Utah's Weather And Climate - Dry Times Ahead

Jun 30, 2020

Map of the western United States showing drought conditions on June 23, 2020, with Utah (moderate to severe drought) in the center of the map region.
Credit Adam Hartman / NOAA/NWS/NCEP/CPC

Despite the recent rains and cooler temperatures across Utah, the month of June has seen hotter than normal temperatures across much of the state. Are we experiencing normal weather variability or is it climate change? 

“Yeah, for this summer, most likely Utah will be drier - (the) entire (state of) Utah.”

That’s Yoshimitsu Chikamoto predicting a dry summer for us. Chikamoto is an assistant professor at Utah State University and a researcher for the Utah Climate Center — or U-C-C. 

Utah agriculture relies on climate scientists like Chikamoto and his colleages for information on different timescales. For instance, daily or weekly predictions of temperature and rain are considered weather, while seasonal or longer-term forecasting is considered climate. He said it can get confusing. 

“I still can understand many people confuse weather and climate change, and it’s scary for the farmer as well. Weather is definitively individual day events," he said.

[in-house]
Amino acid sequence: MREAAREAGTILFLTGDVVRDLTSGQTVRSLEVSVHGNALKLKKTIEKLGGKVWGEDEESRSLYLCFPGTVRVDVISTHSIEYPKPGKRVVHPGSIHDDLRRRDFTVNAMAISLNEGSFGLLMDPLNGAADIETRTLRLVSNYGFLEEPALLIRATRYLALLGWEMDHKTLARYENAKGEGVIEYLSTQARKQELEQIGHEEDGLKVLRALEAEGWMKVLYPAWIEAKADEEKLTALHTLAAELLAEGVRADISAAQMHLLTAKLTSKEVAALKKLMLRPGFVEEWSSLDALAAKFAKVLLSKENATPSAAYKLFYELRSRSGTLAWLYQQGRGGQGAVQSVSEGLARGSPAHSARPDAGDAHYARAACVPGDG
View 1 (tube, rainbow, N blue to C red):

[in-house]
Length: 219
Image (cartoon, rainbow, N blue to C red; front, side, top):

Chikamoto said scientists use climate models to forecast both weather and climate, but in different ways. Global climate forecasting is based on linking atmospheric and oceanic processes and conditions. That results in the longer-term predictions.  

For weather forecasting, only atmospheric models are used because ocean conditions are more stable over periods from days to weeks. An initial storm location is used, and the models are based on probability. This is why weather is typically reported for about a week at a time. 

Drought conditions can critically impact Utah, leading to wildfires and reducing lake water levels. Chikamoto said the Utah Climate Center forecasts and monitors drought conditions. He said this helps determine the period of a drought. 

“So, in some research in our group, in the Utah Climate Center we try to identify why sometimes we have multi-year drought event and sometimes droughts are just long," he said.

Chikamoto said forecasting and understanding droughts requires predicting both future temperature and precipitation. He said temperature is relatively easy to predict, but precipitation is highly variable over every timescale from days to years to decades. But it is important for Utah to develop adaptive strategies for land and water management during those dry years.